How many repetitions: Start with 5-6 repetitions. There are many variations for a more advanced level. Holding longer is the most basic one, but you can also raise one leg or place the feet support point a bit higher. Another option is to use your hands instead of your forearms, bend your elbows and hold for a few seconds.
Which muscles work: Mainly the abdominals, lumbar area and shoulders, as long as you do the exercise leaning on your elbows and forearms. If you use your hands and bend your elbows, you’ll do extra work on the shoulders and arms.
How to do it: Sit on the floor or on a mat. Heels on the floor and legs together. Put your hands next to your buttocks and lean your upper body backwards up to 45 degrees. Engage the abdominals. Lift straight legs up to 45 degrees and move the hands up, raising straight arms toward the shoulders. Hold the position.
How many repetitions: This exercise requires balance and abdominal strength so start by holding on for 10 seconds and work up to 1 minute. If you can hold the position easily, you can lower your upper body and legs down and return to the position as if you were doing push-ups.
Which muscles work: Hip flexors, abdominals, adductor muscles, quadriceps and back muscles.
How to do it: Lie on your left body side on the floor or a mat. Legs together, one on top of the other until your feet. Put your left elbow and forearm in a straight line with your shoulder. Place your right hand on the right waist side and raise the hips into a straight line. Hold the position.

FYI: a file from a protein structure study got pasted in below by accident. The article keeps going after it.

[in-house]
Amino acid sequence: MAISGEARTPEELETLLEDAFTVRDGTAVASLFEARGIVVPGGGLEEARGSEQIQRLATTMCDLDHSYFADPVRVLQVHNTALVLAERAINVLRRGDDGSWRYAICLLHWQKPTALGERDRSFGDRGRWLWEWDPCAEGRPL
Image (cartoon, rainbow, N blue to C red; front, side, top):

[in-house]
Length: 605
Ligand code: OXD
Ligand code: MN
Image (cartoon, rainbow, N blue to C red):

How many repetitions: Start by doing 5 repetitions, 10 seconds each per one side. To increase the difficulty, hold the position longer or increase the repetitions. To go a little further, lift one leg and raise your arm when you are bracing the core.
Which muscles work: The abdominal area, mainly the oblique abdominals, plus the buttocks to a lesser extent.
How to do it: Lie face down on the floor or on a mat. Place your hands at your sides against your body. Lift your torso and legs off the floor at the same time. Hold the position for 5 seconds. Return to the starting position. Face the floor, do not look forward.
How many repetitions: 20 repetitions at the beginning. More repetitions and holding the position longer mean a higher the level of difficulty. Another option is to stretch the arms in line with the head and raise the left arm at the same time as the right leg.
Which muscles work: Mainly the lumbar area, but also the glutes and hamstrings.
How to do it: Face down on the floor or mat. Hands placed slightly outside the shoulder line. Lift yourself up as if you were doing a plank and form a straight line with your body. Bring your right knee as close to your chest as possible. Hold the position for a moment and then place the foot on the floor again, returning to the starting position. Repeat with the opposite leg.
How many repetitions: Alternate legs for 1 minute. The longer and faster you do it, the harder it will become.
Which muscles work: This exercise mainly targets the abdominals and, to a lesser extent, the calves, chest, hamstrings, lumbar area, quadriceps and triceps. It also stabilizes the pelvis by simultaneously activating the hip flexor, as the leg movement is similar to cycling.